Participants discussed their common interest in conserving land in the region, and shared ideas about how to solve some of the complex conservation challenges facing the Everglades. Hosted by one of Florida’s longtime ranch families, the Adams’ Ranch was an ideal location to showcase the important cultural heritage that is being preserved in central Florida’s vast ranchlands.

Why the Everglades are important:

The Northern Everglades system is one of the largest, most complex natural systems in the world extending from the southern border of Orlando to the northern edge of Big Cypress National Park. The Northern Everglades provide clean water to more than 8 million people in South Florida. These wetland systems act as a large sponge that absorbs and cleans water, which reduces the need for billions of dollars in man-made water filtration infrastructure.

Not only do the Everglades provide clean water, they also provide habitat for wildlife as diverse as alligators, black bear, bald eagles, the Everglades snail kite, gopher tortoise, the endangered Florida panther and the critically endangered Florida grasshopper sparrow.

The Everglades also protect an American way of life. Cattle have been ranched in Florida since the 1500s. Large intact ranches in the heart of Florida’s Northern Everglades have conserved Florida’s natural and cultural heritage for hundreds of years. If these ranches fall victim to the long-range trend of commercial development in rural Florida, not only will America’s beef and farming industries suffer – a unique, rural American culture is also at risk.

Cattle ranching is a $4 billion industry in Florida, making it an important economic driver as well. Continuing a 500-year tradition, fourth and fifth generation ranch families manage over 1.7 million head of cattle on over seven million acres of land. Florida ranchers provide jobs, contribute to America’s food security with beef, citrus and other crops, and their lands provide habitat for the tropical wildlife that attracts sportsmen, birders and other wildlife enthusiasts.

During the meeting, Dan Ashe expressed strong support and commitment to the protection of the Everglades. He was impressed with the diverse groups that attended the meeting and said he is excited about the partnership between the states, federal government, as well as nonprofits and private landowners.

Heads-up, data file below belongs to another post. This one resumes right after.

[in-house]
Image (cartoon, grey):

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House Interior Funding Bill is a Mixed Bag Thu, 10 Jul 2014 16:13:02 +0000

Continue reading »]]>

The Capitol Building | U.S. Fish and Wildlife Service
The Capitol Building | U.S. Fish and Wildlife Service

Yesterday, the House Appropriations Subcommittee on Interior, Environment and Related Agencies marked up its Fiscal Year 2015 spending bill, which provides funding for the National Wildlife Refuge System and numerous important conservation programs.

The best news coming out of the subcommittee mark-up was a significant increase in the Refuge Fund budget from a usual $13 or $14 million up to $63 million. This is an enormous increase, and is very good news for the Refuge System. Because the federal government is exempt from taxation, the Refuge Fund is an annual appropriation designed to offset tax losses by annually paying the local unit of government an amount that often equals or exceeds that which would have been collected from taxes if in private ownership.

We’re also pleased to see the Refuge System operations and maintenance fund at $476.87 million, which is another step in the right direction and slightly above the President’s request. Many Refuge System budget items were funded at or close to what the Refuge Association requested, which is good news.

However, the bill contains some items that don’t belong in a funding bill:

  • A rider that removes the ability of the U.S. Fish and Wildlife Service to establish new refuges; we oppose this rider, as we believe local communities, not Capitol Hill, should be actively engaged in these important decisions.
  • A rider that postpones the listing decision for one year on the Greater Sage-Grouse. This sort of decision should be made based on sound science, not tacked onto a spending bill.

Neither of these riders should be included in an appropriations bill, and we’ll be urging Congress to remove them.

Here is a breakdown of the Subcommittee’s Interior Appropriations Bill, along with the Refuge Association requests.

  • Refuge System Funding $476.865 million (Refuge Association ask: $476.4 million; it is  funded at $472 m for FY14)
  • Partners for Fish and Wildlife $52 million (Refuge Association ask: $75 million; it is funded at $52.07 for FY14)
  • North American Wetlands Conservation Act (NAWCA) $34.145 million (Refuge Association ask: $75 million; it is funded at $34 m for FY14)
  • Neotropical Migratory Bird Conservation Act $3.66 million (Refuge Association ask: $4 million; it is funded at $3.6 m for FY14)
  • Multinational Species Fund $10 million (Refuge Association ask: $9.1 million; it is funded at $9 m for FY14)

Click here to view the full list of the Refuge Association Legislative Priorities for FY15.


Here is a breakdown of the Land and Water Conservation Fund budget for FY15:

House FY15 Draft Bill Percent cut from FY14 enacted
BLM $4,816,000 75.3%
NPS $21,486,000 60.5%
FWS $14,500,000 71.0%